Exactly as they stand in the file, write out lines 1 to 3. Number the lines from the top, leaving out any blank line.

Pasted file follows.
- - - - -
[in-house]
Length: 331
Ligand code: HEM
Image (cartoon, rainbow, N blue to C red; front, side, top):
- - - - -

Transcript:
[in-house]
Length: 331
Ligand code: HEM